On 12 August 1851, Isaac Merritt Singer (1811 – 1875) patented the Singer Sewing Machine.
He did not invent it, and never claimed to have done so, because it had already been “invented” a few times. However, his success was based on the practicality and efficiency of his machine, the ease with which it could be adapted to home use, and its availability on an instalment payment basis, which revolutionised consumer behaviour.
He was defined “a womanizer who liberated women” because of his wives, mistresses, and the masses of women who stood to benefit from his device.
He married for the first time at nineteen and after a few years left his wife and their two children for a mistress with whom he had ten more. Later he set up two more households and had six more children.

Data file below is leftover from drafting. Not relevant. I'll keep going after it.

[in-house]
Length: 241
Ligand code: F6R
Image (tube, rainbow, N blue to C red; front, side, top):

It is claimed that during his life Singer fathered at least 24 children with various wives and mistresses.
One of them, Paris, had a son with Isadora Duncan, one of his daughters married a French duke and another was one of Marcel Proust’s friends and married successively two French Princes.